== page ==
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ADL Appalled By Assignment In Which High School Kids Role Play As Nazis

An Anti-Defamation League official criticized an assignment given in a New York State high school, in which students debated the Holocaust from a Nazi perspective.

Etzion Neuer, deputy director of the ADL’s New York regional official, said on Friday that he did not believe the teacher who gave out the assignment meant any malice, but it was still “grossly inappropriate.”

According to a report in the Algemeiner, the assignment was titled “Top Secret: Memorandum for Senior Nazi Party Members” and students were asked to simulate the debates that took place at the Wannsee Conference where the final solution was decided. In the assignment, the pupils were asked to explain the “Nazi point of view.”

The Wannsee Conference, held on January 20, 1942, was where the Nazis decided to exterminate European Jewry on an industrial scale in order to deal with the “problem” of the large populations of Jews they acquired in their conquest of eastern Europe.

Neuer told the Algemeiner that he learned of the lesson plan when a student at the school contacted the ADL and expressed “discomfort” at being tasked with presenting an argument in favor of exterminating the Jews, even though the assignment stated that “the point of this activity is not for you to be sympathetic” to the Nazis.

“Ultimately, this is an exercise on expanding your point of view by going outside your comfort zone and training your brain to logistically find the evidence necessary to prove a point, even if it is existentially and philosophically against what you believe,” it read.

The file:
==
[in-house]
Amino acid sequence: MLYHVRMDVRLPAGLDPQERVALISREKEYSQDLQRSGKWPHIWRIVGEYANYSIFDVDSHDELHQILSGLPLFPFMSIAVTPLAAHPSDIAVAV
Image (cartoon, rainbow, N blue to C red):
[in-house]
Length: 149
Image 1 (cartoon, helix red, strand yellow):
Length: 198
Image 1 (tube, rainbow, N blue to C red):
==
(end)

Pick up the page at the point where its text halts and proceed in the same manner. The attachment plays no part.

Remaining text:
Neuer said that the exercise “was less about Holocaust education and more about critical thinking, and that latter purpose is itself absolutely worthwhile, but there are so many controversial and worthwhile topics that could have been used instead of this.”

The class, part of a course on “Principles of Literary Representation,” which in itself is part of a nationwide program allowing high school students to take college-level courses, was first reported on Thursday by a local news website, Syracuse.com.

According to the website, two students were “disturbed” and felt “weird” when the teacher, Michael DeNobile, “randomly assigned half the students to argue for, and half to argue against the extermination of Jews.” One student said she overheard a classmate expressing disappointment at having been assigned to the opposition.

“The school has responsibility to decry and repudiate this. I don’t think this is a fair modality or dialectic for teaching,” Aron Hier, director of campus outreach at the Simon Wiesenthal Center told the Algemeiner.

“Notwithstanding first amendment protections, the school must decry it and call it for what it is: an act of antisemitism,” Hier added. “This is not about censoring the program, but to say, ‘In our humble opinion, this was unacceptable.’ The teacher should apologize, and the school should host an educational program showing the depravity and barbarism of the Final Solution, and how it affected millions of people.”

Neuer said the ADL has spoken with the commissioner’s office and the school district, and is confident there will be a satisfactory resolution to the issue.

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